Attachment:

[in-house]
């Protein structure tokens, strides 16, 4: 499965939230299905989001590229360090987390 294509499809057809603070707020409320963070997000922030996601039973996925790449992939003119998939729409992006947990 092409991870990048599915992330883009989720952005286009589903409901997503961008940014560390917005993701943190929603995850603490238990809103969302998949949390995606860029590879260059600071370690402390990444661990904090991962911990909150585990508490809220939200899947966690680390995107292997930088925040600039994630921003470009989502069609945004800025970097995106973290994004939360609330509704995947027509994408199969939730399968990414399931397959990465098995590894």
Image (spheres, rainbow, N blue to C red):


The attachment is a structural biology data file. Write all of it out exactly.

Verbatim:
[in-house]
């Protein structure tokens, strides 16, 4: 499965939230299905989001590229360090987390 294509499809057809603070707020409320963070997000922030996601039973996925790449992939003119998939729409992006947990 092409991870990048599915992330883009989720952005286009589903409901997503961008940014560390917005993701943190929603995850603490238990809103969302998949949390995606860029590879260059600071370690402390990444661990904090991962911990909150585990508490809220939200899947966690680390995107292997930088925040600039994630921003470009989502069609945004800025970097995106973290994004939360609330509704995947027509994408199969939730399968990414399931397959990465098995590894």
Image (spheres, rainbow, N blue to C red):